On the Fourth Sunday [that is, today] before Christmas, the Syrian Church remembers the Visitation of Mary to her cousin Elizabeth. In the Byzantine Church, there is no feast of the Visitation, though this gospel is the common gospel for Matins of Feasts of the Theotokos.
We see here the first appearance of the Forerunner John, then a six month infant in the womb of Elizabeth, and “when Elizabeth heard Mary’s greeting, the infant leaped in her womb. (Luke 1:41)” John and Jesus are closely connected in the Feast of Light: Christmas together with the Theophany, the baptism of Jesus by John. The two: John and Jesus are to be closely connected in the preaching of the Gospel, with quite different styles, “For John came neither eating nor drinking, and they said, ‘He is possessed by a demon.’ The Son of Man came eating and drinking and they said, ‘Look, he is a glutton and a drunkard, a friend of tax collectors and sinners.’ But wisdom is vindicated by her works. (Matthew 11:18-19″ Christmas is in the first place, the birth of Wisdom, and the coming of Christ would be “destined for the fall and rise of many in Israel, and to be a sign that will be contradicted. (the prophecy of Simeon, Luke 2:34)”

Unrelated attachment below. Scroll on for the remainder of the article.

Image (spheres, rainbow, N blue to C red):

The Theotokos, a prophetess in her own right, today foretells what this means, “He has shown might with his arm, dispersed the arrogant of mind and heart. He has thrown down the rulers from their thrones but lifted up the lowly. The hungry he has filled with good things; the rich he has sent away empty. (Luke 1:51-53)” If we have ears, we must hear this prophecy, Christmas is not a time for arrogance and power and riches, because these are about to be overthrown. There is no future in them. It is a time for humility, for earthly weakness and for poverty. We do not often see Christmas in this perspective, but it is here that the gospel and faith in Christ leads us.
Meditation by Archpriest David Petras
Icon by Christine Uveges of Eikona Studios